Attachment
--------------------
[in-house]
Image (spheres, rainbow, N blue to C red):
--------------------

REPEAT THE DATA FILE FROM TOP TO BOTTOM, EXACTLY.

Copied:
[in-house]
Image (spheres, rainbow, N blue to C red):